• [aria-*] attributes are valid and not misspelled
  • Buttons have an accessible name
  • ARIA IDs are unique
  • Image elements have [alt] attributes
  • [user-scalable=”no”] is not used in the <meta name=”viewport”> element and the [maximum-scale] attribute is not less than 5.
  • The page contains a heading, skip link, or landmark region
  • Background and foreground colours have a sufficient contrast ratio
  • Document has a <title> element
  • <html> element has a [lang] attribute
  • <html> element has a valid value for its [lang] attribute
  • Links have a discernible name
  • Heading elements appear in a sequentially-descending order

Non-compliance with the accessibility regulations
We are aiming to resolve all non-compliance issues on the www.designingfordiverselearners.info by 31st December 2022. Below are the induvial accessibility issues with examples of how we do not meet compliance.

  • The page has a logical tab order
  • Interactive controls are keyboard focusable

Some parts of the website are difficult to navigate using a keyboard. For example, navigating from the top-level headings to body content does not follow a logical order. We want to improve this experience and are planning to resolve before 31st December 2022.

  • Interactive elements indicate their purpose and state

The buttons on the “Always” section checklist are defined as buttons, but not indicate their purpose. We want to improve this by clearly indicating they point to more information. We are planning to resolve before 31st December 2022.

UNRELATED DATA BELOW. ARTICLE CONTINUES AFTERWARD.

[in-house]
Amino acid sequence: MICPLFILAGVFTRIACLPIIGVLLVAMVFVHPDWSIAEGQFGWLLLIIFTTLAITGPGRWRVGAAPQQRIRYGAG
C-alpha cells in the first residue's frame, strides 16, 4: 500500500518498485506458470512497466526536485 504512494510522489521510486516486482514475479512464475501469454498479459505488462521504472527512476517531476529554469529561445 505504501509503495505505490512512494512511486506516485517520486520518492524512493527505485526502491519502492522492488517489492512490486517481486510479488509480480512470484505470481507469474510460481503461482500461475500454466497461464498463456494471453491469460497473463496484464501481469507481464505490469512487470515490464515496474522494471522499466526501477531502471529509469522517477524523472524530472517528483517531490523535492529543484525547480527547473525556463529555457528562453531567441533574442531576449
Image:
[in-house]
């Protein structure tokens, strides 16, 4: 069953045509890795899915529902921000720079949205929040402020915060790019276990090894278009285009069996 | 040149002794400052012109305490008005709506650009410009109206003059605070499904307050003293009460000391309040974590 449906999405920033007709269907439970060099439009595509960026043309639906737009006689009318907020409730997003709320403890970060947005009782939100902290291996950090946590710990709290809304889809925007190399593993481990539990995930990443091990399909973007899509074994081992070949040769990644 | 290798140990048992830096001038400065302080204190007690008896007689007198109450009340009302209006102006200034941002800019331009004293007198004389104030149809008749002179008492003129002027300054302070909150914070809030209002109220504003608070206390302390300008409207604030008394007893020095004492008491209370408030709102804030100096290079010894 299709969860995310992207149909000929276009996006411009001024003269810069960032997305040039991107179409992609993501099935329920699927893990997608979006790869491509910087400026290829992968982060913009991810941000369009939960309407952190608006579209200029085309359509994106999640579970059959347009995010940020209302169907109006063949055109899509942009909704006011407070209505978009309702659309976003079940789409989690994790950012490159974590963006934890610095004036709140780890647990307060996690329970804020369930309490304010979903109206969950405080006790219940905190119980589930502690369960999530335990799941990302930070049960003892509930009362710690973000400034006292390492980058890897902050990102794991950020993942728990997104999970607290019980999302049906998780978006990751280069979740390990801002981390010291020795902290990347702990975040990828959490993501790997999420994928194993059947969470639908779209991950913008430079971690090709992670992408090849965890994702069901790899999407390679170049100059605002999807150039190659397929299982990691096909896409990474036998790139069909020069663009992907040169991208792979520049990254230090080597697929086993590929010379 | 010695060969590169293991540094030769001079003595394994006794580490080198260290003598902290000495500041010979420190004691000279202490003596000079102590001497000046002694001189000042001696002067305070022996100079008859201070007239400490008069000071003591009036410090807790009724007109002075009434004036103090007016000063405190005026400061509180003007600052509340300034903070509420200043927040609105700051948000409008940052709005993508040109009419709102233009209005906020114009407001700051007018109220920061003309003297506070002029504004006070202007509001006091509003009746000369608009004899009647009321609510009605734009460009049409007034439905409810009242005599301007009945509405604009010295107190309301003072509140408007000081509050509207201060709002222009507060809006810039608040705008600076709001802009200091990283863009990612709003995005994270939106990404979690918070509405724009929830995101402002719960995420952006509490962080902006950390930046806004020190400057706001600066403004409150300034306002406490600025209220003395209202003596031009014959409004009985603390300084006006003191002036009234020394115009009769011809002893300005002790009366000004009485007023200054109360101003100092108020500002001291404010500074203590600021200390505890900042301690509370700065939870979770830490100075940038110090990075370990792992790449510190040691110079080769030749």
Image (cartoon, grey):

• The user’s focus is directed to new content added to the page
  • User focus is not accidentally trapped in a region
  • Custom controls have associated labels
  • Custom controls have ARIA roles
  • Visual order on the page follows DOM order
  • Offscreen content is hidden from assistive technology
  • HTML5 landmark elements are used to improve navigation

Content that’s not within the scope of the accessibility regulations
We point to external resources on the www.a11yproject.com website and other sources. We do not host any of this content, nor do we test it thoroughly. The A11y Project runs an issue tracker related to its own content and community resources.

What we’re doing to improve accessibility
We have not yet developed a clear & coherent accessibility roadmap for www.designingfordiverselearners.info. This will be reviewed no later than 01/10/2022.

Preparation of this accessibility statement
This statement was prepared on 01/06/2022. It was last reviewed on 06/06/2022.

This website was last tested on 06/06/2022 – via google Lighthouse and manual tested by visiting the site and working through the success criteria. The test was carried out by Tom Tomlinson.

We used a sampling approach to deciding on a sample of pages to. This includes 5 main page sections;

Two “more information” posts;

were also tested during the audit. During the next phase of testing, we will use different pages and posts for the sample and continue this approach until all pages and posts have been tested.

You can read the lighthouse accessibility report.